We are already living in a country almost entirely fueled by debt, let that sink in….
With the US national debt currently standing at $19.9 trillion, according to the US Debt Clock. And it’s not just the US; the entire world is living in the largest debt bubble in history, with global debt levels standing at $217 trillion, or 325% of world GDP as at the beginning of the year.
Against this larger backdrop, smaller bubbles form, and when they burst, the consequences are devastating.
The most recent was of course the housing bubble burst a decade ago, precipitating the worst economic recession in recent history; one which we have yet to fully recover from. And the officials in the Federal Reserve seem absolutely incompetent or unwilling to spot such bubbles before they emerge. As Ben Bernanke says, “spotting bubbles is hard”, a sentiment recently echoed by Minneapolis Fed President Neel Kashkari in a recent essay.
With that being the point of view expressed by our Fed officials, what chance do they have of spotting the next bubble and try to correct it before it bursts? What is the next bubble anyway? Surely it can’t be housing again; after all, wouldn’t they have learnt from their previous mistakes?
That seems like wistful thinking because as the Fed’s own data shows, we might very well be in the midst of the next housing bubble, and it may be even larger than the one in 2007. Consider the data from the S&P CoreLogic Case-Shiller National Home Price Index.
As you can see, as of March 2017 the index stood at 198.26 which is 11% higher than the previous peak back in May 2006. Zillow has already stated the national median home value in April 2017 was $198,000, which is not only a 7.3% year on year increase, but higher than the pre-recession peak of $196,600 in April 2007.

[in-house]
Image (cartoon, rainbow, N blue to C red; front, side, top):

And the National Association of Realtors reported that the median existing single-family home price was $246,100 in April 2017, compared to $230,400 back in June 2006.
And that’s just data on a national level. If we look at the Case-Shiller index on a city by city basis, you will see that the situation in some cities is far more drastic. Case in point, Denver, Dallas, and Portland.
Of course, these figures have yet to account for the effect of inflation, which according to the Fed’s Personal Consumption Expenditures figures have totaled about 17% since 2006. But even accounting for inflation’s effect, the figures are still worrying, especially in some of the cities such as the ones mentioned above.
There’s no telling when bubbles will start to burst
If there’s one thing that will send the housing market crashing real quick, it’s people being unable to afford their mortgages. And after bottoming out somewhere around late 2014 / early 2015, it looks like US bankruptcies are on the rise again. According to the American Bankruptcy Institute, total US bankruptcy filings for both consumers and businesses were 69,668 in May 2017; the highest since May 2014.
And with more and more Americans moving to part time and lower wage jobs despite the declining ‘official’ unemployment figures, it is likely that bankruptcy filings will continue to rise. A housing bubble and increasing bankruptcy filings are each by themselves a major cause of concern. But when taken in tandem, their combined effects could be economically explosive.
That’s why intelligent investors are diversifying their portfolios into ‘hard value’ commodities such as gold and silver. Recently, money managers and hedge funds have been jumping back into gold, spurred on political angst in the US and Europe. For retail investors, these commodities provide an effective hedge against the potential collapse of other asset classes such as stocks and property.
One of the easiest ways to get started protecting your future is with a precious metals IRA.
To learn more about the benefits of investing in gold & silver IRAs and other precious metals, see our comprehensive gold ira guide And when you're ready to select a trusted advisor, see our list of top gold ira companies and get in touch with experts in the precious metals industry.